Visit a prison, make the world safer?

More governors and prosecutors are visiting inmates in prison as part of several initiatives to improve criminal justice. The experience helps create more empathy among those who incarcerate people.

President Barack Obama speaks to reporters during a 2015 visit to the federal prison outside Oklahoma City.

An estimated 1 in 4 women in the United States currently have a family member in prison. That is a startling statistic about the level of crime as well as the nation’s propensity to lock up criminals. Yet behind the numbers lies another reality: Millions of family members who visit their loved ones behind bars have learned the reality of the prison experience – for both inmates and guards. And out of that experience, many have become advocates for reform, such as in sentencing, reentry programs, solitary confinement, overcrowding, and even victim restitution.

Some also push for others to share this experience, especially lawmakers, governors, and prosecutors who make decisions about incarcerating people. Many if not most of these officials have never set foot in a jail or prison.

The advocates believe regular prison visits would give officials up-close empathy about prison life. It might compel them to make changes in their law enforcement work or in shaping policy. Movies and TV shows depicting prisons are no substitute for listening to real inmates and guards.

In 2015, Barack Obama became the first sitting president to visit a federal prison. The visit may have helped launch several initiatives. In 2017, a bipartisan group of governors agreed to engage closely with people involved with criminal justice. At least 15 of them have visited prisons. The Vera Institute of Justice also began to offer prison “field trips” to community members such as clergy and teachers. Then in July, the advocacy group Families Against Mandatory Minimums set a challenge to all elected policy leaders to personally visit correctional facilities.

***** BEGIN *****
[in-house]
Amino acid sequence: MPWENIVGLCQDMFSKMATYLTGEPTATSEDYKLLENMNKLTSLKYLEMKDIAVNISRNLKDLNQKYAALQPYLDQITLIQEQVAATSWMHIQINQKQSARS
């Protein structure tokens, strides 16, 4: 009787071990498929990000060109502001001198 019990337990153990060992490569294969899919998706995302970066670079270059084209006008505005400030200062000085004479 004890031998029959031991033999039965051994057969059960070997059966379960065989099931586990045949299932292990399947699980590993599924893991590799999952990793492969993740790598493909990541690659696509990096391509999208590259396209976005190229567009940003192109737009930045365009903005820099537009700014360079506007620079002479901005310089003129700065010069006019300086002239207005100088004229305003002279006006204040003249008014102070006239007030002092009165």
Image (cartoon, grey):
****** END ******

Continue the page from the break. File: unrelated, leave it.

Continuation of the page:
On Monday, 39 district attorneys around the country joined in a pledge to visit prisons, jails, and juvenile detention centers as well as send their staff. The aim is “to embed in the culture of DAs’ offices the recognition that decisions to incarcerate someone should never be taken lightly.”

“No prosecutor should be putting people in places they haven’t seen or walked through,” says Miriam Krinsky, executive director of Fair and Just Prosecution, the group that launched the effort.

Will this idea work? Something is certainly needed to improve criminal justice. More than two-thirds of inmates released from state prisons are rearrested within three years.

Face-to-face encounters between inmates and those responsible for sending them to prison might help. Time in prison can serve many aspects of justice, such as an opportunity for rehabilitation. But add in some empathy, and the nation’s high incarceration rate might go down. You can’t fix something if you choose to ignore it.

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